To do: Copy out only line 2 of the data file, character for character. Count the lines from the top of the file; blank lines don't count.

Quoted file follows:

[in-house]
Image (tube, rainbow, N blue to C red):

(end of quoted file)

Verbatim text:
Image (tube, rainbow, N blue to C red):